In lieu of an abstract, here is a brief excerpt of the content:

Reviewed by:
  • Sing Not War: The Lives of Union and Confederate Veterans in Gilded Age America by James Marten
  • Timothy Haggerty
Sing Not War: The Lives of Union and Confederate Veterans in Gilded Age America. By James Marten (Chapel Hill: The University of North Carolina Press, 2011. xi plus 339 pp.).

In Sing Not War, James Marten surveys the social impact of the American Civil War upon its belligerent societies and the men who served. It is no easy task: in relative terms the war was the second largest mobilization to occur in American history and in absolute terms the deadliest. The war seemingly touched everyone and everything in American society, and the sheer complexity and depth of the historical record makes any specific analytical strategy suspect and any conclusions about the war’s aftermath necessarily tentative and provisional.

Over the past fifteen years, however, a substantial number of social histories have appeared to help guide Marten in developing a splendid synthesis in the emerging field of postwar studies. These works have attempted to examine the effect of the Civil War by examining veterans’ organizations or the federal government’s evolving pension policies and the manner in which remuneration changed lives and communities, for example, while others have analyzed the memorials and rituals that emerged from the war or the changing constructions of disability and the emotional impact of the war upon its soldiers. However laudable the desire for precision in these monographs may be, the reader can end up aching for some kind of gestalt.

Sing Not War gets us much closer by undertaking a keen reading of the literature and critically engaging these scholars as well as offering insights culled from [End Page 225] archival research. Marten also utilizes masculinity as a category of analysis masterfully: rather than being a conceit imposed upon evidence or data, Union and Confederate veterans engaged in a frank discussion about the relationship between manliness, service, and the state regardless of region, rank or social status. In a process sometimes disparagingly referred to as “veteranizing,” wartime experiences, for better or worse, remained an integral part of their identity for the rest of their lives, and as a new generation came of age, the contrast between veterans and civilians became starker, rather than fading away. The long-term effects of the war—whether economic, medical, or social—played themselves out and continued to define courage and manhood over the course of the Gilded Age.

Marten organizes this work around four near-universal themes: the incidence of disability among the cohort, the commodification of veteran status, the institutionalization of soldiers, and the alienation that former soldiers experienced in postwar culture. Each process had its own rituals and consequences: Grand Army of the Republic encampments, for example, became engines of economic development as well as reenactments; soldiers’ homes became experiments in social welfare provision and forerunners to the Department of Veterans Affairs, and the Pension Bureau’s records became an early source of actuarial data on American morbidity and mortality. Patterns emerged: while Union veterans in aggregate were economically better off than their civilian or Confederate counterparts due to payments from the state, former soldiers and sailors suffered from higher incidences of alcoholism and debilitation and were paradoxically viewed with both reverence and suspicion in postwar America.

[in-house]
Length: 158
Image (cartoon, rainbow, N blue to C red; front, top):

These nuanced distinctions between different experiences are a particularly welcome corrective to a literature that has widely utilized the records left by soldier’s homes, the Bureau of Pensions, and other institutions that used their resources to help the damaged and infirm among the veterans. Most men got on with their lives. Persuasively, Marten argues for a Southern experience that remained relatively static as former Confederates assumed the burden of personifying the Lost Cause; Union veterans, caught up in an expanding economy, received conflicting messages that honored their service to the nation, pandered to their interests, and satirized as well as celebrated them, leading to a more complicated understanding of the veteran’s role in American politics and culture. While Marten frankly admits that including race as an analytical category would have further complicated his work, more evidence might have been included here from African American veterans, if only...


Additional Information

Print ISSN
pp. 225-226
Launched on MUSE
Open Access
Back To Top

This website uses cookies to ensure you get the best experience on our website. Without cookies your experience may not be seamless.